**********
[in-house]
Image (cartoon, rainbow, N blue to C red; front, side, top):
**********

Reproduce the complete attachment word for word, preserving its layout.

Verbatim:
[in-house]
Image (cartoon, rainbow, N blue to C red; front, side, top):